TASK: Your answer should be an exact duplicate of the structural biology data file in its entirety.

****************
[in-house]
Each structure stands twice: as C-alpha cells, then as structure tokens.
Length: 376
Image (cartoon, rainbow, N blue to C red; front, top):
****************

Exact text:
[in-house]
Each structure stands twice: as C-alpha cells, then as structure tokens.
Length: 376
Image (cartoon, rainbow, N blue to C red; front, top):